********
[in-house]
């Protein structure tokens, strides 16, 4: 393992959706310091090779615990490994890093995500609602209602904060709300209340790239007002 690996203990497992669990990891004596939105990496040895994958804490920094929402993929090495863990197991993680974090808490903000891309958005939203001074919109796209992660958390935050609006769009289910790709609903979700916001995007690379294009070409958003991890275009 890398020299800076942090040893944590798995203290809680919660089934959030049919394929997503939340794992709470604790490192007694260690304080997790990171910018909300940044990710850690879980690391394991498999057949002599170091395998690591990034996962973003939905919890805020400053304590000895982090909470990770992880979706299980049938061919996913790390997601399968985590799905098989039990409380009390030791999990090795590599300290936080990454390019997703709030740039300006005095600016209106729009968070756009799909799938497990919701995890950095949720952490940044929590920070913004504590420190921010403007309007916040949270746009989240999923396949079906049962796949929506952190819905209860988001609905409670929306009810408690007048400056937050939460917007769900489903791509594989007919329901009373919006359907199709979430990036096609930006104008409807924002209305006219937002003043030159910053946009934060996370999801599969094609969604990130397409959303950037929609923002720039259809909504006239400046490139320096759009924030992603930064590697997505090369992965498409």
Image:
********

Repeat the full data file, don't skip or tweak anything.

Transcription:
[in-house]
């Protein structure tokens, strides 16, 4: 393992959706310091090779615990490994890093995500609602209602904060709300209340790239007002 690996203990497992669990990891004596939105990496040895994958804490920094929402993929090495863990197991993680974090808490903000891309958005939203001074919109796209992660958390935050609006769009289910790709609903979700916001995007690379294009070409958003991890275009 890398020299800076942090040893944590798995203290809680919660089934959030049919394929997503939340794992709470604790490192007694260690304080997790990171910018909300940044990710850690879980690391394991498999057949002599170091395998690591990034996962973003939905919890805020400053304590000895982090909470990770992880979706299980049938061919996913790390997601399968985590799905098989039990409380009390030791999990090795590599300290936080990454390019997703709030740039300006005095600016209106729009968070756009799909799938497990919701995890950095949720952490940044929590920070913004504590420190921010403007309007916040949270746009989240999923396949079906049962796949929506952190819905209860988001609905409670929306009810408690007048400056937050939460917007769900489903791509594989007919329901009373919006359907199709979430990036096609930006104008409807924002209305006219937002003043030159910053946009934060996370999801599969094609969604990130397409959303950037929609923002720039259809909504006239400046490139320096759009924030992603930064590697997505090369992965498409």
Image: